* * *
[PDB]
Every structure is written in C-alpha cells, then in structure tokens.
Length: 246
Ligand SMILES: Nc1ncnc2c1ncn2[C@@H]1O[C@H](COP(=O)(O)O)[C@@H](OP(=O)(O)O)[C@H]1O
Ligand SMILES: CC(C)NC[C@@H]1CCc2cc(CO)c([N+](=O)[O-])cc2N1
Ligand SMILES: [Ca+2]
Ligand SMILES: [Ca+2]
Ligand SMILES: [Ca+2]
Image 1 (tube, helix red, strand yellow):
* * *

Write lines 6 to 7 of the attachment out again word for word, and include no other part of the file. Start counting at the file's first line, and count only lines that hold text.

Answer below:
Ligand SMILES: [Ca+2]
Ligand SMILES: [Ca+2]